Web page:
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With two landmark rulings, the United States Supreme Court has made it clear: Mandatory sentences of life without parole for juveniles are unconstitutional. This has meant that the more than 360 so-called juvenile lifers in Michigan -- the second-highest total in the nation -- are eligible for re-sentencing, and possibly a second chance. It’s also meant time-consuming case reviews and court hearings, and, for victims’ families, often a painful reopening of the worst moments in their lives.The week of December 12th, 2016, Michigan Radio took a close look at how Michigan is following up on these landmark U.S. Supreme Court rulings.Are juvenile lifers in Michigan getting a second chance?It's a difficult discussion that has life and death stakes, murders and victims, issues of justice and fairness, and a lot of legal maneuvering. It's also a conversation about how we, as a society, should treat the most troubled children among us.There are few easy answers. See our entire series below.

Michigan prosecutors balance new rights of juvenile lifers against promises made to victims

Outside the U.S. Supreme Court during oral arguments in the juvenile lifer cases in March 2012.
courtesy of Jennifer Bishop-Jenkins
Outside the U.S. Supreme Court during oral arguments in the juvenile lifer cases in March 2012.

In his office in downtown Grand Rapids, Kent County prosecutor Bill Forsyth has stacks of boxes up against a long wall. They’re labeled and stuffed with transcripts, police reports, autopsy reports. 

“That’s about half of what I had when we started,” he said, motioning toward them. 

About a year ago, the U.S. Supreme Court said states had to review the cases of juvenile lifers who were sentenced before automatic life was declared unconstitutional. The court said automatically sentencing juveniles to life without parole was cruel and unusual punishment. 

Michigan prosecutors have to figure out which of the 363 people sentenced to life without parole should get a chance at freedom.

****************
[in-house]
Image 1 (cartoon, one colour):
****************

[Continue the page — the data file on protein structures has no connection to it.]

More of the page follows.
Now Michigan prosecutors have to figure out which of the 363 people sentenced to life without parole should get a chance at freedom. That task was handed to them by the U.S. Supreme Court – which said automatic life without parole is unconstitutional for people younger than 18.

As they go through those cases, the prosecutors also have to try to balance the rights of so-called “juvenile lifers” against the promises made to the victims of their crimes. 

That brings us back to Forsyth’s stacks of boxes. He and other prosecutors across Michigan have to decide which of the lifers from their counties should get a shot at parole. 

(This story is part of our series Michigan's Juvenile Lifers: Who Gets a Second Chance?)

Inside those boxes are the stories of those inmates. But those boxes also hold the stories of victims and their family members who now have to revisit painful events they thought were behind them.

“So there’s a lot of anger, a lot of mistrust in the system,” he said. “They just don’t understand and – and I don’t blame them.” 

That shock, of having a case opened up again is the reality of hundreds of people. 

People like Jody Robinson.

Murder victim family members Jody Robinson and Bobbi Jamriska.
Credit http://www.teenkillers.org/
Murder victim family members Jody Robinson and Bobbi Jamriska at the Supreme Court in March of 2012. They were there representing the National Organization of Victims of Juvenile Murderers during the oral arguments in the Miller and Jackson cases.